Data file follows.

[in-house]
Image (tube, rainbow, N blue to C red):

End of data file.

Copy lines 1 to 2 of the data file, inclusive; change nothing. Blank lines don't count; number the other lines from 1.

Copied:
[in-house]
Image (tube, rainbow, N blue to C red):